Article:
KLIR

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KLIR
KLIR-FM logo.png
City of license Columbus, Nebraska
Branding Clear 101
Frequency 101.1 MHz
Format Adult Contemporary
ERP 100,000 watts
HAAT 232 meters (761 feet)
Class C1
Facility ID 26627
Transmitter coordinates 41°16′55″N 97°24′30″W / 41.28194°N 97.40833°W / 41.28194; -97.40833
Former callsigns KOXI (?-1984)[1]
Owner Digity, LLC
(Digity 3E License, LLC)
Website [1]

KLIR (101.1 FM, "Clear 101") is a radio station licensed to serve Columbus, Nebraska, USA. The station is owned by Digity, LLC, through licensee Digity 3E License, LLC. Digity owns and operates radio station throughout Nebraska and the midwestern United States.

KLIR broadcasts an adult contemporary music format.[2]

History[edit]

The station was originally owned by the Anderson family from Denver, broadcasting an easy listening format as KOXI. In early 1984, the new General Manager and soon-to-be part owner, Stan Tafoya, negotiated a deal to bring the new call letters "KLIR", or "Clear" from a station in Denver. The Columbus station was granted the new call sign by the Federal Communications Commission on July 9, 1984.[1] The decision to change the call letters coincided with a format change to an adult contemporary format, or "Soft Rock, with Less Talk".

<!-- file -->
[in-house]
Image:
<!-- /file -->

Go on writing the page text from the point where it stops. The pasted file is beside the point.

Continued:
Under the Tafoya's leadership, the "Clear" sound was created for the community of Columbus and surrounding areas. Clear positioned itself as "The Radio Station Columbus Built", and became very successful in both ratings and revenue, still retaining many of the same programming elements today. For years, KLIR has been the most listened to radio station in the Platte County, according to the Arbitron Ratings Company.

Chuck Lontine was one of the first talents hired by Tafoya, but left within the first year of the new KLIR to become a sales executive with CBS Radio in San Francisco. Tafoya then searched the Midwest for new voices, recruiting Steve Kohl from the Denver market. Kohl took the on-air name of "Scott Fisher" and helped guide the station to even greater success. A strong on-air team soon developed with Fisher in the morning and Jon Michaels in the afternoon. The credible news voice of James Nickel also contributed to the "Clear" sound. And top salesman Verl Wurtz added his play-by-play talents to the station's popular local sports programming.

Tafoya left in the mid-90's after a subsequent sale of the station to new owners. Many local business people and listeners have long cited the operation under Tafoya as a classic marketing success story, where a relatively small and unknown radio station transforms itself into the market leader.

References[edit]

  1. ^ a b "Call Sign History". FCC Media Bureau CDBS Public Access Database. 
  2. ^ "Station Information Profile". Arbitron. 
  • BIA Investing in Radio Guide
  • Radio & Records Magazine
  • Broadcasting & Cable
  • Columbus Telegraph Newspaper
  • Omaha World Herald

External links[edit]